WHEN OPPOSING political parties both think they are winning, one of them is usually wrong. This is the quandary America finds itself in, after the Democrats won the House of Representatives in the suburbs, while the Republicans tightened their grip on the Senate in the sticks. It also describes the attitudes of both parties towards the most divisive issue of the Trump era: immigration. Whipped up by a frenzied nativist intervention by President Donald Trump, including a closing TV ad so racist that even Fox News would not air it, most Republicans ran on the issue in the mid-terms. Democrats mostly tried to ignore it. Who was right?
The picture, again, looks mixed. The most virulent nativists lost, including a trio of Trump wannabes, Lou Barletta and Corey Stewart, Senate candidates in Pennsylvania and Virginia, and Kris Kobach, the Republican running for governor in Kansas. So did prominent Democrats who took the opposite tack—including Andrew Gillum and Beto O’Rourke, liberal darlings in Florida and Texas, both of whom wanted to rearrange the Immigration and Customs Enforcement (ICE) agency. But all had tough races. The broader conclusion from the mid-terms is that, on immigration and otherwise, both parties turned out their voters, extending their territory a bit, without taking from the other. It is tempting to see this as a validation of both their immigration strategies.
Exit polls, which suggested about half of voters liked Mr Trump’s immigration policies or wanted tougher ones, also support that. So do interviews with Democratic strategists. None thought Mr Trump’s late onslaught, which also included dispatching a small army to defend America against a weary column of Honduran asylum-seekers, had hurt their party. Several noted that his immigration policies, including his putative border wall, caging of migrant children and threat to deport 800,000 immigrants, known as DREAMERS, who were brought to America illegally as children, are all unpopular. Such complacency, on the issue that fuelled Mr Trump’s rise, on which Democrats remain most vulnerable to him and, for that matter, on which liberals are falling across the Western world, feels like a death-wish.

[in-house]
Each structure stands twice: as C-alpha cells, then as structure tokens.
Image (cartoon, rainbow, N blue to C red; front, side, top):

It ignores how asymmetrically the two parties are affected by partisanship, in which attitudes towards immigration, the most polarising issue, play a big part. The bumper representation given to small states in the Senate means Democrats need to win more conservative places than Republicans need to win progressive ones. And they cannot win there on scrapping ICE. The harder line taken by Democratic senators running in such states illustrated that. In Indiana Joe Donnelly declared himself a fan of the wall; in Missouri Claire McCaskill said she liked the sound of “Operation Faithful Patriot”, as Mr Trump’s fatuous troop deployment was called. Yet both lost, because in the end voters reckoned they were Democrats—the party, according to Mr Trump, of open borders.